Gov. Nixon vetoes income tax bill, Republicans consider override
Some Republican lawmakers are vowing to try to override Gov. Jay Nixon's veto of a bill that reduced income taxes. Shortly after the Democratic governor rejected the bill today, the leading sponsors of the legislation said they would attempt to get the two-thirds vote needed to override his veto when the Legislature convenes in September.
Republicans hold enough seats in the House in Senate to override Nixon’s veto without any Democratic support. They would have to hold all of the GOP members together in the House and could afford to have only one Republican defect in the Senate.
Republicans say the tax cut is important to keep Missouri attractive to businesses. Governor Nixon says the loss of tax revenues could jeopardize state services. He talked about the veto this morning in Kansas City, where just across state lines Kansas has passed a bill that might eventually eliminate income taxes in that state.
“The bottom line is this would not improve business opportunities in the Kansas City region or in Missouri and would endanger and put at risk necessary services at the same time. And it’s done so in a sloppy, unfair way that could have tremendously negative impacts for generations to come,” Nixon said.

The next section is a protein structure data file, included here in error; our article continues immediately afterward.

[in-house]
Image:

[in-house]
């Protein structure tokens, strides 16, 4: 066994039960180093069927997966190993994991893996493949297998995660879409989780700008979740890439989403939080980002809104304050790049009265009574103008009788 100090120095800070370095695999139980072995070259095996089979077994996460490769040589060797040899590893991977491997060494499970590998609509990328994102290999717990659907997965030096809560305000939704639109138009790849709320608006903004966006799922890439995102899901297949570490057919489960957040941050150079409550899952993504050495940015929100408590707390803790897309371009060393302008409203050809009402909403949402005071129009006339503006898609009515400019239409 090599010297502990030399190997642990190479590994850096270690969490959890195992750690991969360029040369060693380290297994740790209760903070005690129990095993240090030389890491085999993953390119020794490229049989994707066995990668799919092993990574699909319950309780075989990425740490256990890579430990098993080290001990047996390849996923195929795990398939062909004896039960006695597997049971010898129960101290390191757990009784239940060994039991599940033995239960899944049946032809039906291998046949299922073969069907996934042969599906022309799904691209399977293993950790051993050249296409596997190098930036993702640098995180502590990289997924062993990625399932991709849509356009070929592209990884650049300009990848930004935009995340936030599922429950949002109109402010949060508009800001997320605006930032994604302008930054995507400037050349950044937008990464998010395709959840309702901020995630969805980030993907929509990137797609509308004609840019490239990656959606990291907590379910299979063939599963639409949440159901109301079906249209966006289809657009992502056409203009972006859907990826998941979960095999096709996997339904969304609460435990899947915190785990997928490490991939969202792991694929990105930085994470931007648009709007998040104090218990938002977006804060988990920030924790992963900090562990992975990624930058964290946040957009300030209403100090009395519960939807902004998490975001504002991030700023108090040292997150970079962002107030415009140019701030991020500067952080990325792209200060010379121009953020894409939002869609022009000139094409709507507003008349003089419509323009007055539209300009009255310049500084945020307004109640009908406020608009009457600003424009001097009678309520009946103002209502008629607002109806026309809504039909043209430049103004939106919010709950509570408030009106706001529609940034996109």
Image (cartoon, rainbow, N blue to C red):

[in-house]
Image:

Republican Senator Will Kraus of Lee’s Summit was one of the bill’s handlers. He wants GOP leaders to attempt an override when lawmakers return to Jefferson City in September for their annual veto session.
“Every time we’ve passed the broad-based tax cut in the Missouri Senate, we’ve had 23 votes, which is enough to override the Governor’s veto…so assuming we don’t get an override, we’ll be back next year with another bill (and we’ll) put it on his desk again,” Kraus said.
An override in the Missouri House, though, may not be so easy, as three Republicans voted against the measure during the regular session. House Speaker Tim Jones says he’s taking a wait-and-see approach.
“We’ll sit down and go through the entire list of all the bills with all of the bills’ sponsors – we want to obtain their opinion first – and then after we obtain a position as a caucus on all vetoed bills, we’ll share that sentiment with the Senate and then determine what we can move forward on in September,” Jones said.
The bill would gradually cut individual and corporate income taxes over the next decade, if annual state revenues continue to rise by at least $100 million. It also would phase in a 50 percent deduction on business income reported on individual tax returns.